Maritime history buffs and pirate wannabes rejoice: there’s a new feature in the Google Earth ocean layer that would make Captain Hook and Long John Silver proud.
Of the millions of shipwrecks lying on the ocean floor, relatively few are the high-profile ones such as the RMS Titanic or the Lusitania. In fact, most shipwrecks are either smaller boats, sunken vessels, or ships that have been abandoned.
These smaller ships generally have few valuable historical treasures on board or are in an advanced state of decay. Single-mast sloops from the days when the pirates of the Caribbean plundered European merchant ships and modern fishing vessels are good examples.
In collaboration with Shipwreck Central, Google Earth now features an undersea peek at some of the higher-profile shipwrecks around the world including paddlewheel steamers, cargo ships, slave boats, and passenger vessels.
Thar She Blows!
I first began my shipwreck adventure by selecting Layers > Primary Database > Ocean > Shipwrecks. Double-clicking Shipwrecks flew me due south of the Mediterranean island of Malta and dove me into the water right next to the remains of the HMS Maori.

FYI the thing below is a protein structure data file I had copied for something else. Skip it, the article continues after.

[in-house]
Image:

After clicking the little shipwreck icon, a popup displayed with with an embedded video and some background information on the Maori shipwreck. The video was quite literally immersive, causing me to believe I was being led by Jacques Cousteau on yet another fascinating journey under the sea.
It turns out that the Maori was a British destroyer sunk in 1942 in the midst of battle during World War II.
Clicking Learn more… launched a new window in my browser and took me to Shipwreck Central’s vessel profile page for the Maori. It was fascinating to learn that the ship was built in 1936 in Gowan, Scotland and put into service on September 2, 1937. The vessel had a very short life.
Going back to the popup for the Maori in Google Earth, three other links were placed along the bottom of the popup.
Clicking ShipwreckCentral.com launched a new window in my browser and took me to Shipwreck Central’s home page.
Live from the Dive brought me to Shipwreck Central’s informative Shipwrecks, Diving, and Underwater Archaeology blog.
Community brought me to an active chat forum for shipwreck enthusiasts.
The Maori is one of dozens of shipwrecks to be discovered in the new Google Earth Ocean layer. So don your pirate’s hat, put on that wooden peg leg, and explore the vast reaches of maritime history under the sea.